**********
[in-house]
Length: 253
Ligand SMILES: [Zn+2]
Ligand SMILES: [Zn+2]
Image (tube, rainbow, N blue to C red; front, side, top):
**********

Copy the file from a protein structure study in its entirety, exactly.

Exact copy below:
[in-house]
Length: 253
Ligand SMILES: [Zn+2]
Ligand SMILES: [Zn+2]
Image (tube, rainbow, N blue to C red; front, side, top):